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Macedonian Kingdom, Alexander the Great, 336 - 323 B.C., Lifetime Issue
Lifetime issue. This coin was issued during the lifetime and rule of Alexander the Great. Most Alexander coins were issued after his death. In 333 BC Alexander the Great intended to lay an ambush of Darius III at Myriandrus but the battle took place near Issus.SH26702. Silver tetradrachm, Price 3217, Newell Myriandros 17, Müller -, aEF, weight 17.166 g, maximum diameter 26.8 mm, die axis 0o, Myriandros (near Iskenderun, Turkey) mint, c. 330 - 325 B.C.; obverse head of Herakles right, wearing Nemean Lion skin, scalp over head, forepaws tied at neck; reverse AΛEΞAN∆POY, Zeus Aëtophoros enthroned left, nude to the waist, himation around hips and legs, right leg forward (archaic lifetime style), eagle in extended right hand, long scepter vertical behind in left hand, scorpion on left, ME monogram under throne; fine style, choice obverse, and unusual symbol, ex G & M 160 lot 1318 (misattributed as Price 3218); very rare; SOLD
Cyprus, Time of Augustus, 27 B.C. - 14 A.D.
Augustus' sun sign was Libra. We don't know why he selected the Capricorn as his emblem. Perhaps Capricorn was either his rising sign or his Moon sign. Popular astrology, of the newspaper kind, is sun sign astrology. The ancients tended to attach more importance to the Moon sign and rising signs. Perhaps Augustus selected the Capricorn because it is associated with stern moral authority. Tiberius (born Nov. 13) was a Scorpio.SH72881. Bronze hemiobol, RPC I 3916; Bank of Cyprus 6; BMC Galatia p. 112, 4 (Commagene); SNG Cop -, Choice EF, beautiful desert patina, weight 2.371 g, maximum diameter 18.1 mm, die axis 0o, Cypriot mint, 27 B.C. - 14 A.D.; obverse capricorn right, star with six rays above; reverse scorpion left, star with six rays above; SOLD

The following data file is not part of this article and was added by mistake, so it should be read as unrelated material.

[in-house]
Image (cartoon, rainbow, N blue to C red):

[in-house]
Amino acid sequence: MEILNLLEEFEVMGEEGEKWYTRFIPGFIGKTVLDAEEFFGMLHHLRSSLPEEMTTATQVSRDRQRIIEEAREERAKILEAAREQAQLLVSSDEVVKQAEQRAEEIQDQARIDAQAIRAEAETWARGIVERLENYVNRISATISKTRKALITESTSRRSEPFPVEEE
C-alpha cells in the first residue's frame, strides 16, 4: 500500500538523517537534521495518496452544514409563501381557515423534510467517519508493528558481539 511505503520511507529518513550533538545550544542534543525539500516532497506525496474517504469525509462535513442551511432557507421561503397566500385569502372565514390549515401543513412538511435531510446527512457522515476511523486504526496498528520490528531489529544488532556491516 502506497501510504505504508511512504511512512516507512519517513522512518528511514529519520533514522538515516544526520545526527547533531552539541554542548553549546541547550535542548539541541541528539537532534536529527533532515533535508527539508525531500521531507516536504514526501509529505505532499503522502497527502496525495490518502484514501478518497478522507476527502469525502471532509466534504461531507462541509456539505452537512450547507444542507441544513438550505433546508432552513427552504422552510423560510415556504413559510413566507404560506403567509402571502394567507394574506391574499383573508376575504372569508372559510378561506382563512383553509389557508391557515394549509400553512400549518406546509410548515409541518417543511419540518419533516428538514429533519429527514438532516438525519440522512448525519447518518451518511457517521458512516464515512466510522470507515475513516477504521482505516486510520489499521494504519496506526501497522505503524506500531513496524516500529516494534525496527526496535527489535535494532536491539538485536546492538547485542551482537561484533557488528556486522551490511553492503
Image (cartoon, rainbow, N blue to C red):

Hadrian, 11 August 117 - 10 July 138 A.D.
Hadrian traveled to nearly every province of the Empire and spent more than half his reign outside Italy. Nero had been criticized as self-indulgent for his trip to Greece, but Hadrian proudly advertised his travels with his coinage series. Unlike Nero, the pleasure-seeking tourist, Hadrian inspected and corrected the legions and made grants for the construction of new public buildings, projects, and settlements. Hadrian travels were intended to transform conquered lands into a unified Roman Empire.SH51678. Silver denarius, RSC II 138, BMCRE III 816, RIC II 299, gVF, weight 3.219 g, maximum diameter 18.3 mm, die axis 180o, Rome mint, 134 - 138 A.D.; obverse HADRIANVS AVG COS III P P, laureate head right; reverse AFRICA, Africa reclining left, wearing elephant scalp headdress, scorpion in right hand, scepter in left hand, basket grain and poppies at her feet on far side; ex CNG auction 240, lot 383 (sold for $310 plus buyer's fee); SOLD